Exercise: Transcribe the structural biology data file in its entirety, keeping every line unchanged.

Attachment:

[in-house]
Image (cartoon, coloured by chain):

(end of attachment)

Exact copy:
[in-house]
Image (cartoon, coloured by chain):